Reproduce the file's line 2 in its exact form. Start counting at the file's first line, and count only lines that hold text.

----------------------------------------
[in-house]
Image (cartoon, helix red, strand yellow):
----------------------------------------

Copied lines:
Image (cartoon, helix red, strand yellow):